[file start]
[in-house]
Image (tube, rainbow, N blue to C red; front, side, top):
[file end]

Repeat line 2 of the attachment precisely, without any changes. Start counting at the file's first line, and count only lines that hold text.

Image (tube, rainbow, N blue to C red; front, side, top):